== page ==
Interview with Suresh Vedantham, MD, FSIR
In 2018, Suresh Vedantham, MD, FSIR, of the Mallinckrodt Institute of Radiology, Washington University in St. Louis, received funding from the National Heart, Lung and Blood Institute (NHLBI) of the National Institutes of Health (NIH) to lead a multicenter, randomized trial called Chronic Venous Thrombosis: Relief with Adjunctive Catheter-directed Therapy (C-TRACT). For this trial, 20–40 clinical centers will be recruited with plans to enroll approximately 374 subjects. SIR Foundation encourages SIR members to participate in this important effort to support evidence-based IR care by serving as site investigators or by referring patients to study sites.
We recently sat down with Dr. Vedantham to discuss C-TRACT and its potential for IR.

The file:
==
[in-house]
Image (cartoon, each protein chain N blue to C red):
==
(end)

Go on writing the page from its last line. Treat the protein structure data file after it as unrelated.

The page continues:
What is C-TRACT and what was it designed to study?
The C-TRACT clinical trial is a recently started, pivotal, NIH-sponsored, multicenter randomized trial that is evaluating the effects of endovascular therapy (iliac vein stenting followed by saphenous ablation) on patients with established, moderate-to-severe post-thrombotic syndrome (PTS). The study is designed to determine if the use of endovascular therapy reduces the clinical severity of PTS and improves quality of life, compared with standard PTS care without endovascular therapy.
What does C-TRACT expect to find?
We expect to characterize the risk-benefit ratio and cost-effectiveness of endovascular therapy. We don’t know how that will look, which justifies conducting a randomized trial. As an IR who has performed these procedures for many years, my personal bias is to believe that we will see at least a short-term benefit (reduction in PTS severity) with use of endovascular therapy.